Via Dolorosa has fourteen sacred landmarks, known as the Stations of the Cross – nine along the road and the other five within the church. The first and second stations mark the area where Jesus met Pontius Pilate who condemned him to death.  The third, seventh and ninth stations depict the spots where it is believed Jesus stumbled along the road under the weight of the cross. Popular tradition says that Jesus met his mother Mary during the walk to his crucifixion, where the fourth station is now marked.  The fifth station refers to the episode where Simon of Cyrene carries Jesus’ cross for him, while the sixth relates to the Roman Catholic legend of the Veil of Veronica. The eighth station is a mark of Jesus’ encounter with pious women on his journey.

Each of the 14 Stations of the Cross are marked with a plaque, although the best way to experience them is to join a process held every Friday afternoon, which stops off at each station. The most popular (and busiest) time to visit the Via Dolorosa is during Holy Week, where literally thousands of pilgrims walk the route.

The most famous church in the world is undoubtedly the Church of the Holy Sepulchre which lies in Jerusalem’s Old City in the Christian Quarter.  The Church is also known as the Church of the Resurrection or the Church of Anastasis. The site is known as the place where Jesus Christ was crucified and buried. The Roman Emperor, Constantine I – a Christian convert – had the temple of Venus demolished around 325 to make way for the building of a church during which time a tomb, believed to be that of Jesus Christ, was discovered. Over the years, the Church has suffered from natural disasters and has been under the control of whoever ruled the land at the time – from Crusaders to Kwarezmiams.  Today, a complex of structures marks the spot, and has become a destination of pilgrimage for millions each year. The location is also the headquarters of the Greek Orthodox Patriarch of Jerusalem, although control of the church is shared among several Christian denominations.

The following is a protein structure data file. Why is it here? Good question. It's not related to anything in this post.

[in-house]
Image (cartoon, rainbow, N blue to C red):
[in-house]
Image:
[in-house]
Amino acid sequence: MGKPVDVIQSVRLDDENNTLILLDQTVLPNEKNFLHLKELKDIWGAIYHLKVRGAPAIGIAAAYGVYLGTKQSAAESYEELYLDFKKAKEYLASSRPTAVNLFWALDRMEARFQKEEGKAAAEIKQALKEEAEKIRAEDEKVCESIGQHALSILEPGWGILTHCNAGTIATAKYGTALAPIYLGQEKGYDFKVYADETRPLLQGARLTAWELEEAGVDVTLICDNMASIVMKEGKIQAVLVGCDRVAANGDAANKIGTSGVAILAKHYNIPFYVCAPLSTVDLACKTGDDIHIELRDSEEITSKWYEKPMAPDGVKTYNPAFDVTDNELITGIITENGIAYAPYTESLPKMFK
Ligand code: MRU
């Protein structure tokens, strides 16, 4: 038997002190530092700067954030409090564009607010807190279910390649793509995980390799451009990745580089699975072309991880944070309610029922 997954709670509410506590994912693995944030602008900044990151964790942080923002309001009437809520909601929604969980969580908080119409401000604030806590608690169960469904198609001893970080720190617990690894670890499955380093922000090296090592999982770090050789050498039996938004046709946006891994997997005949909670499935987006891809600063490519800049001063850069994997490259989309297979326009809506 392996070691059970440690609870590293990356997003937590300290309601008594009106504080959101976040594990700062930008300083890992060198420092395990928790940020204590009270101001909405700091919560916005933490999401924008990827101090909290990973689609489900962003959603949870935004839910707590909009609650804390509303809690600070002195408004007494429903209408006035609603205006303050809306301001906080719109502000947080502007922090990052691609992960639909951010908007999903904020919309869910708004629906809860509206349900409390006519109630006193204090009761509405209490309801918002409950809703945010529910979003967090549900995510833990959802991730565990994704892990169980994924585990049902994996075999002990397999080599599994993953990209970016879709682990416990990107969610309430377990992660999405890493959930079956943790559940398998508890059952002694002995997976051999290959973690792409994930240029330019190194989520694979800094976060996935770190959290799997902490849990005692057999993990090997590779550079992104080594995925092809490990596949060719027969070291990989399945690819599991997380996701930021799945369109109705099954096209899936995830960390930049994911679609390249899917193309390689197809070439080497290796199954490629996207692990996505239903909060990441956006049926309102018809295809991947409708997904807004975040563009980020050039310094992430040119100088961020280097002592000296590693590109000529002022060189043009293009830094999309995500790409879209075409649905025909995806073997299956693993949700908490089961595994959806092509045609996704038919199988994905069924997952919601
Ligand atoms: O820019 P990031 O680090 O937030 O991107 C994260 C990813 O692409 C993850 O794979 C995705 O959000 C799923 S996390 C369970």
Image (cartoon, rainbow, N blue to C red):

Entrance was originally through two large arched doors although only one is now accessible through a parvis of a larger courtyard. You can also see broken ancient columns, the bell tower, Crusader graffiti and the Immovable Ladder, which has stood in its place since the 1800s.

The inside of the Church of the Holy Sepulchre holds five of the 14 Stations that remember Jesus’ final journey to his crucifixion along the Via Delorosa.  The most lavishly decorated and ornate part of the church is the Calvary (Golgotha) which is where it is believed Jesus was crucified. Other alters, such as the Catholic Chapel of the Nailing Cross and the statue of Mary are also part of this holy site. The Edicule structure preserves the location of Christ’s tomb.

The golden dome which has come to symbolize Jerusalem’s famous skyline is the Dome of the Rock – a shrine on the Temple Mount that is located in the Old City.  This UNESCO World Heritage Site was completed in 691 CE and built on the site of the Roman Jupiter CapitonlinusTemple. The Roman Temple, in turn, was built on the ruins of the Second Jewish Temple of Jerusalem which was destroyed during the Roman siege of Jerusalem.  The shrine was not intended to be a mosque; instead the Umayyad caliph Abd al-Malik wanted to build an ornate and beautiful Muslim building that could compete with the majestic Christian churches in the city. The dome is built over a sacred stone, where it is believed that the Prophet Mohammad ascended to heaven from, while the Jews believe that the rock was the place where Abraham was asked to sacrifice his son Isaac.

The architectural elements of the Dome of the Rock are superb, and its dimensions relate to the center circle that surrounds the stone.  The original dome was made out of gold, but was later replaced with copper and aluminum; although today it is covered with gold leaf.  The half-moon decoration that sits atop the dome is a traditional Islam symbol.  Multicolored Turkish tiles adorn the exterior of the shrine.  The interior is an elaborate work of art, featuring arched walls, lush red carpeting, stunning floral decorations in the cupola and mosaics that feature representations of vegetation.